Good Reading/Listening

There are times when I have conversations with my sons about life, or certain mysteries or share wisdom from observations I’ve gathered over my years.  I communicate in a way that they can understand and relate it back to their journey so that they can have a reference and a light towards the path they will chose.  There are times when after listening to me explain a thing to them they say something like, “Wow daddy.  I know what your talking about and I have always thought of it or wondered it but couldn’t explain it.  You hit it on the head.  Now it makes sense to me.”  It is at those times when I know my sons really look up to me for having a certain amount of wisdom.  They find me totally relatable and relevant, even necessary. 

This is the exact same feeling I get when I listen to the words of Sidney Poitier.  In his first book, “The Measure of a Man,” he talked about not only his life which is fascinating to say the least, but also his beliefs and how he’s come to realize the mysteries, the pleasures, the heartaches, the lessons of life.  This is a truly wise man who has a lot to share.

This sharing continues with his second book,  “Life Beyond Measure, Letters To My Great-Granddaughter.”  In it he writes a series of letters to his great-granddaughter telling the story of his life and the lessons he’s learned – indeed the lessons he is still learning and those questions he may never be able to answer.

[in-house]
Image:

This book is not about his movies nor his career though he mentioned it very briefly at times in some form or context.  Instead, Poitier takes a critical look at his life and honestly shares the greatest faults, pains, failures, triumphs and treasures from a man who couldn’t read when he came to America from Cat Island, Bahamas.  In a kaleidoscope of subject matters such as family, faith, traditions, fear, doubt, desperation, god, addictions, science, technology etc.,  Poitier deeply examines the issues of life and does not tell his great-granddaughter what to do, but instead gives her a window to forsee what her journey may be like – and gives her the freedom to decide for herself how she will view each of these subject matters.

I don’t want to say too much about this book.  It’s difficult to put my words together in a way to give justice to what I am receiving in my spirit as I listed to every word.  I will say that I am truly enriched and there has been an illumination on things deep in my soul that were hidden, or dismissed because I couldn’t dig them all out by myself.  Now I am able to at least tap upon a little.  Additionally,  my own level of sense of honor and integrity have increased since I started the book.  There are already things I do differently, certain standards I don’t allow myself to accept, little foxes if you will that I am weeding out – things that only I know about.  What a role model.  I am so thankful that he shared with all of us what he’s shared with his family. 

I suggest this book as well as his first to anyone on the learning path. 

As much as I love to read the words on the printed page, hearing Poitier speak in his own words, with his majestic teaching voice full of compassion and adventure gives the experience that much more.

LeBron, Liars and Sportsman